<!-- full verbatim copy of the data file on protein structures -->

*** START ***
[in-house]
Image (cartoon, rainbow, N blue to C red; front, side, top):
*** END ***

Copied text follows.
[in-house]
Image (cartoon, rainbow, N blue to C red; front, side, top):